Amplifier harmonics and load stability
There are repeated claims made about the sonic abilities of certain amplifiers, around which folklore develops and legends are born. Scientifically structured blind listening tests conducted over the years suggest that, within their specified operating power ability (which must be somewhat speaker load dependent according to circuit design) when amplifiers are compared like-for-like these sonic differences vanish.
A couple of years ago I measured one channel of three power amplifiers driving a certain speaker load. The amps didn't have any volume controls, so their gain or loudness was fixed by the internal circuitry alone. I can't recall what the speaker was, but if it was one of ours it was certainly a benign, easy load. The graph attached shows variations in voltage at the output terminals of three power amplifiers (blue, black and red) across the 20Hz to 20kHz audio band (horizontal scale). The vertical scale shows the voltage in dB. A perfect amplifier would be a perfectly flat line from left to right raised to some vertical scale marker. For example, the black amp has a fixed gain of about 39dB and it is as flat as you could wish for (or need) except the slightest and utterly inaudible droop at the very highest frequencies.
The black and red traces tell a different story. Both black and red are one channel of two QUAD 405 (or 405-2? can't recall) power amps. The black amp shows a very slight (perhaps +/- 0.5dB) variation from a perfectly speaker-independent flat line and the gain is slightly less than the blue amp at about 37dB. So, if the blue amp was exchanged for the black amp it would sound about 2dB louder and this alone would be more than enough for the listener to attribute some marvellous extra 'punch', 'dynamics' or 'rhythm and pace' to the blue one. All of that would be expected for an amp that is somewhat louder. And if we started off with the blue amp and switched to the quieter black one, we'd probably note that the black amp was 'thinner', 'softer', 'has less guts' ... even 'more detailed, refined'.
The red trace is a warning to us all. First the overall sensitivity is lower than the black sister 405. This one is down at about an average of 35dB. That means it is about 2dB quieter than the other 405 and a whopping 4dB quieter than the blue amp for the same music input signal. For no more than the reasons of the difference in loudness between these three specimens they will definitely sound different. Of that I am certain. But what of the red trace, it's far from flat. Given that it's average loudness is about 35dB (a visual guess) across the frequency band for the very same speaker load it is about +/- 2dB either side of that 35dB line. That's a very big variation indeed. Since the black and blue curves are the very same brand, model and age of amplifier how is this possible? It's possible because the red amp is faulty - it still works and may continue to do so for some years with ever more significant change in performance until it fails. And then it may destroy the speakers going 'DC'.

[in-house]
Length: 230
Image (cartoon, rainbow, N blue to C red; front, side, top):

As the black and red amps are about the same age, how would you know that one was faulty from the serial numbers? You wouldn't. You could cheerfully buy on on Ebay and it would be pot luck. Fortunately QUAD can still service these and presumably could pick up this fault ... but there again, maybe not as it is rather subtle and in the lab, they may well test the amp with a fixed resistor, not a real speaker load.
Conclusion: amplifiers can sound different solely for reasons of ageing. And as I've said before, get your amp checked regularly by a qualified engineer, best of all the makers themselves. Capacitors age horribly and as they are the heart of the amp, when they fail mayhem results. And remember, when comparing power amps (or indeed any audio equipment) unless you equalise the loudness (the gain) any conclusion you draw just won't stand up to proper scrutiny when the gains are equalised.
Alan A. Shaw
Harbeth Audio UK